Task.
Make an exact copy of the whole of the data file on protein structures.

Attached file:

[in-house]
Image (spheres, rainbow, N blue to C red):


[in-house]
Image (spheres, rainbow, N blue to C red):